Ellora caves, a World Heritage Site, were built by the Rashtrakuta rulers between the 5th and 10th century. These ‘caves’, excavated out of the vertical face of the Charanandri hills, represent the epitome of Indian rock-cut architecture.
The site consists of 12 Buddhist (caves 1-12), 17 Hindu (caves 13-29) and 5 Jain (caves 30-34) caves built in close proximity, demonstrating the religious harmony prevalent during this period of Indian history.
Kailash Temple, the world’s largest monolithic structure, was built in the 18th century by Rashtrakuta king Krishna I.
The carvers started at the top of the rock and worked their way downwards, scooping out about 200,000 tons of rock.
Influences from foreign civilizations
Dhvajastambhas (Pillars with flagstaff)
Elephants supporting the temple on their backs
Lord Shiva losing to Parvati
Lord Shiva killing Raktabija
Shiva Parvati Vivah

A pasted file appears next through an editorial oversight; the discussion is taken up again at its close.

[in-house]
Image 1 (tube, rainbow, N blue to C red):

View from the upper floor
Cave # 10
Cave #10, AKA Carpenter’s cave, is the only Chaitya (Buddist Shrine) in Ellora.
The carved roof resembles timber constructions
Cave # 12
Also known as Teen Thal, Cave # 12 is one of the largest caves in the Buddist group.
Cave # 32
Cave # 32 is a two storeyed cave with a monolithic shrine.
It is also known as Indra Sabha (Assembly Hall of Indra, the king of gods).
Mahavira, the 24th Tirthankara
Yaksha Matanga on an elephant
Yakshi Neminatha seated on her lion under a mango tree
Intricately carved pillar, Indra Sabha
Cave # 33
Cave #33 has well preserved sculptures, five independent shrines, each with its own columned Mandapa. It is also known as Jagannatha Sabha.